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Oldest Wooden School House


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Oldest Wooden School House

The Oldest Wooden School House dates back to the early 18th century and is located on St. George Street by the City Gate. Visitors to the Oldest Wooden School House can tour the property and become acquainted with the daily life of colonial school children.
No wooden structures in St. Augustine built prior to the year 1702 still stand because the British burned Spanish St. Augustine to the ground in that year. Tax records indicate that the wooden school house was present in 1716 and was built for the Genoply family. Located in the "Minorcan Quarter," the original structure was a one-room, single-story building with a detached kitchen where food was made for the family to eat. Kitchens were commonly detached in those times to keep the house cool during the hot summer months and to prevent a fire that started in the kitchen from spreading to the house. A privy with a privacy wall was also kept away from the house, and so was the well. The house's exterior was made out of bald cypress and red cedar logs bound together by wood pins and iron spikes, all made by hand.
 
Juan Genoply, one of the original inhabitants of the house, also became the first school teacher. After marrying, Juan Genoply added the second story and transformed the house into a co-ed school in 1788. The second-story provided Juan and his family the seclusion they needed to separate his public and private life.
Visitors can view copies of old textbooks and school supplies from the eighteenth century, and tour the kitchen and gardens, where a fruitful pecan tree has been growing for an estimated 250 years. The house has a large chain wrapped around the exterior. The chain was added in 1937 in order to hold the house in place in case of hurricane-force winds and weather. The house is located in the shopping district of St. George Street.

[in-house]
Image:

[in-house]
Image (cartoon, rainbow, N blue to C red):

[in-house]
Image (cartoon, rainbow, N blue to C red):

What Folks are Saying
About The oldest Wooden School House


Weathered and Worn Schoolhouse 
 
Like stepping back in time, this cracked and weathered barn board building is as beautiful as it is historical. Not hard to imagine little wooden desks and the scrape of chalk on little slate boards.
Nice!
It is a really nice place where to go even thought it is very small. It is very nice experience when you tell others that you were in the oldest wooden school. The coolest part of that if that at the end of your visit you get a diploma.
The Beginning!
As a teacher this is an important piece of educational history. Take a pick and re ember how it once was in our country. Everyone wNted to read and write!
A Trip Back in Time!
As a former teacher, I really enjoyed wandering about this small, but informative, area. The little shop held lots of old time school related items as well as new items. Great gifts for teachers here! We spent less than an hour here, but enjoyed it.
A Must See!
It looks as though this old school house is being held together with chains. Perhaps it was temporary but how this old wooded structure has survived this long through hurricanes is amazing. If you appreciate history, it is a must see!
Cute Little Piece of History!
I loved this little piece of history! The house is tiny and so is the courtyard but it is the neatest thing to see. It's $5.00 "tuition" to enter and you get a diploma at the end of it! If you love history then I would recommend this place.